More details about Google’s rumoured upcoming Android TV dongle, codenamed ‘Sabrina,’ have leaked thanks to code uncovered in the pre-release firmware.
In case you missed it, earlier this month XDA Developers released details and a marketing video from pre-release firmware destined to run on the device. Since publishing the initial report, XDA has dug into the firmware to find out more information, including details about a possible low-latency mode for gaming.
To start, an XDA Recognized Developer by the name of ‘deadman96385’ examined the ‘Device Tree Source,’ a group of files contained within the firmware’s boot image. These files specify which hardware features of the system-on-a-chip (SoC) to enable at boot.
The DTS files revealed that Sabrina will include 2GB of RAM and will run on the Amlogic S905X2 SoC. That chip uses a 12nm manufacturing process and has a quad-core CPU with 4 ARM Cortex-A53 CPU cores clocked at up to 1.8GHz. Additionally, Sabrina sports an ARM Mali-G31 MP2 GPU.
According to XDA, the Amlogic chip includes support for decoding 4Kp75 10-bit H.265 content, video output at up to 4Kp60 over HDMI 2.1, HDR video playback with HDR10, HLG and Dolby Vision.
The Amlogic S905X2 is a popular choice for Android TV devices, according to XDA, so it’s no surprise that Google chose it for Sabrina. Along with the Amlogic chip, the DTS file hinted at Broadcom’s BCM43569 combo chip for Wi-Fi and Bluetooth as well as Cadence’s Tensilica HiFi 4 DSP.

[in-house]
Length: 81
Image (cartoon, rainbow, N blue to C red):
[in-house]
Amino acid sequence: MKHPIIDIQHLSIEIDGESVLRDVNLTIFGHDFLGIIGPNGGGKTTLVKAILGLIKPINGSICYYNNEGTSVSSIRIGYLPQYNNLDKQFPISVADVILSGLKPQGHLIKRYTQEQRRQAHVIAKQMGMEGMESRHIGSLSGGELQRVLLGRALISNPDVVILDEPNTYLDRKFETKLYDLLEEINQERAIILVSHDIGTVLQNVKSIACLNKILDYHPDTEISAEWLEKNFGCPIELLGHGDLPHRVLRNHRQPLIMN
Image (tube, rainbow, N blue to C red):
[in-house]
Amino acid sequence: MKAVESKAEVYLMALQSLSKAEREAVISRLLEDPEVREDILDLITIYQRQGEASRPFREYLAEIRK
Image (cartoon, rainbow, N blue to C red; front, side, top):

‘SabrinaServe’ app and low-latency mode
‘deadman96385’ also uncovered a pre-installed system application by the name of ‘SabrinaService.’ It contains references to ‘Auto Low Latency Mode’ (ALLM). HDMI 2.1 specification allows ALLM, which can send a signal to a connected TV that tells it to disable any post-processing features that might add latency to displaying video.
Many televisions market this type of feature as a ‘game mode’ since it can help reduce lag while gaming. Of course, users will need to connect Sabrina to a TV with a ‘game mode’ for it to work. ALLM just means that Sabrina can communicate with the TV about when to use the feature.
XDA suggests the feature will be on Sabrina for Stadia users. Google reportedly plans to bring Stadia to Android TV in 2020, so it makes sense for Google’s upcoming Sabrina Android TV device to be equipped to support Stadia with ALLM.
The Sabrina firmware also included some details about the remote control. A snippet of code suggests the remote could have Netflix and YouTube buttons as well as a microphone. On top of that, code suggests the remote could support long-press actions on at least one key — possibly the mysterious ‘star’ key from previous leaks.
Finally, the code reveals that the remote likely connects to Sabrina using Bluetooth.
While XDA uncovered a wealth of information in the firmware, there’s still a lot that we don’t know about Sabrina. The launch date, price and other details still remain a mystery. Hopefully that changes soon — I expect Google is closer to releasing the Sabrina than we realize.